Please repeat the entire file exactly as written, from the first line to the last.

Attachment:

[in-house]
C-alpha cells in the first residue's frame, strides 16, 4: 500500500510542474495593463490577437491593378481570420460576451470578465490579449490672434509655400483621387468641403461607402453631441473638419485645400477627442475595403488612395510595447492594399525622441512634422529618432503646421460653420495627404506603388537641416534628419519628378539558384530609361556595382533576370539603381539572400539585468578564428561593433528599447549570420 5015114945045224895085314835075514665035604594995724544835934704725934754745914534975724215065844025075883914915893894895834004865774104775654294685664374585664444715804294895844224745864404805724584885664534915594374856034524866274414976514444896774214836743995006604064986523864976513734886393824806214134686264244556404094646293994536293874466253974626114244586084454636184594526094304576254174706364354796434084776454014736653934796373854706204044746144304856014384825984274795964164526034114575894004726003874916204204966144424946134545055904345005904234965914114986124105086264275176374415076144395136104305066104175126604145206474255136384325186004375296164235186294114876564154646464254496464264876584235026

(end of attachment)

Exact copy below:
[in-house]
C-alpha cells in the first residue's frame, strides 16, 4: 500500500510542474495593463490577437491593378481570420460576451470578465490579449490672434509655400483621387468641403461607402453631441473638419485645400477627442475595403488612395510595447492594399525622441512634422529618432503646421460653420495627404506603388537641416534628419519628378539558384530609361556595382533576370539603381539572400539585468578564428561593433528599447549570420 5015114945045224895085314835075514665035604594995724544835934704725934754745914534975724215065844025075883914915893894895834004865774104775654294685664374585664444715804294895844224745864404805724584885664534915594374856034524866274414976514444896774214836743995006604064986523864976513734886393824806214134686264244556404094646293994536293874466253974626114244586084454636184594526094304576254174706364354796434084776454014736653934796373854706204044746144304856014384825984274795964164526034114575894004726003874916204204966144424946134545055904345005904234965914114986124105086264275176374415076144395136104305066104175126604145206474255136384325186004375296164235186294114876564154646464254496464264876584235026